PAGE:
Found guilty of breaching the privacy of royalty ex-'News of the World Royal Editor', Clive Goodman, who has been suspended by the paper, apologised in court to the three members of the royal household staff concerned and their principals, princes William, Harry and Charles *. Andy Coulson, the paper's editor, said: "The News of the World will ... be making a substantial donation to charities of the Princes' choice."
A question ..... do common celebrity types get similarly well looked after by the legal system? Not so, police have no plans to press further charges. Despite the counter-terrorism group of Scotland Yard finding "that among those targeted were David Blunkett, while he was home secretary, the government minister David Miliband, the England and Portsmouth defender Sol Campbell, the editor of the Sun, Rebekah Wade, the Liberal Democrat MP Simon Hughes, the supermodel Elle Macpherson, and the publicist Max Clifford". Most interesting is that great excuse in "The Australian" ; everyone ("Voicemail snooping rife on Fleet Street") is hiring detectives these days and doing this sought of stuff.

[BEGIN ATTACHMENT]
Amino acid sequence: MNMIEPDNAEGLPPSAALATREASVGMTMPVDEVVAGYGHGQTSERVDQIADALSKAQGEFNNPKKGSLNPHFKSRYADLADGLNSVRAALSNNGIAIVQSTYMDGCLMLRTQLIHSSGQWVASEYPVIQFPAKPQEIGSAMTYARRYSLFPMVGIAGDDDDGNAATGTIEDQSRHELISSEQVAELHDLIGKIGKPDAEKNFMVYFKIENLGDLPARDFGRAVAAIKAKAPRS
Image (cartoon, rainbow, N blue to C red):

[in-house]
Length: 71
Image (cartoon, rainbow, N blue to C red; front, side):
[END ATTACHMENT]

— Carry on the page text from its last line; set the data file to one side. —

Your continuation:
Not to be outdone Mr Murdoch himself was out personally apologising "I and senior management agree with the American public that this was an ill-considered project. We are very sorry for any pain that his has caused the families of Ron Goldman and Nicole Brown Simpson." * Its not flash to pay good ol' O.J.Simpson nearly two million pounds while going for what many saw as a tacky little rateings grabber. No doubt there.